On the proper ventilation of condos to avoid condensation problems

Jean-François Lavigne

Associate Architect M.Arch O.A.Q. PA LEED®

In a cold climate like Canada the important variations of temperature and relative humidity can cause the appearance of condensation inside of condos. When the air is saturated with humidity, the excess amount of humidity will start to condensate (i.e. transforms itself back into water). This can create numerous problems to the building, such as the rotting of materials and most importantly the appearance of mold. Mold spores can degrade the air inside a condo to the point where they can become a health hazard. This memo outlines how to prevent condensation on a daily basis.

What is a “normal” relative humidity level (RH)?

To have both a healthy building and comfortable and healthy people, the relative humidity level should be between 30% and 60%.
In the summer, a normal humidity level inside a condo can be between 50% and 60% RH.
In the winter, a normal humidity level inside a condo can be between 20% and 30% RH.
Below 20% RH, the air is generally too dry to feel comfortable, but the risk of condensation is nonexistent. Above 60% RH, however, the risk of condensation is high and it is not recommended.

Water run-off on the windows is the first visible sign that there is excess humidity in the air.

How to tell there is too much humidity in the air?

A high level of humidity in the air will tend to form water on cold surfaces such as windows. This is what we call condensation.

A severe condensation problem can lead to the growth of black mold inside of exterior walls. In such a case, the walls must be rebuilt.
Have I scared you enough?

Living “tips” to prevent condensation

Bathing and Showering: it’s an important source of humidity production. Turn the ceiling extract fan on every time you take a bath or shower to exhaust the hot and humid air outside. Leave the door closed for a few minutes after the bath or shower, with the fan running. If there is no fan, open the window.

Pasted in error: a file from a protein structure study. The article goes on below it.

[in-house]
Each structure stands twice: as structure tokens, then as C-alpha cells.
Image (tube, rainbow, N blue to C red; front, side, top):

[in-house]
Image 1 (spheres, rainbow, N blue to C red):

Drying Clothes: always use an electric dryer vented to the outside. Verify that your clothes dryer conduit is clear and functioning properly. If the clothing takes too much time to dry, have your dryer duct cleaned. It may seem more economical to dry clothes on a clothes dryer inside the apartment, but from a condensation problem point-of-view, it is really a bad idea.

Cooking: when boiling water or slow cooking any food that evaporates water, turn on the stove hood at low speed to evacuate the humidity to the outside. Verify that your kitchen hood conduit is clear and functioning properly. If not, remove kitchen hood and clean duct.

Fresh Air: humans need to have a constant supply of oxygen to live and feel comfortable. Most condo units built before 2005 do not have a proper mechanical supply of fresh air and the air inside them can become stuffy. It’s always a good idea to regularly open a window to allow the inside air to be renewed by fresh air from the outside. By doing so, you will also allow excess humidity to escape to the outside.

Know your humidity level by purchasing an electronic Hygrometer (about 20 $)

An electronic Hygrometer looks like this. Most of them also show the temperature.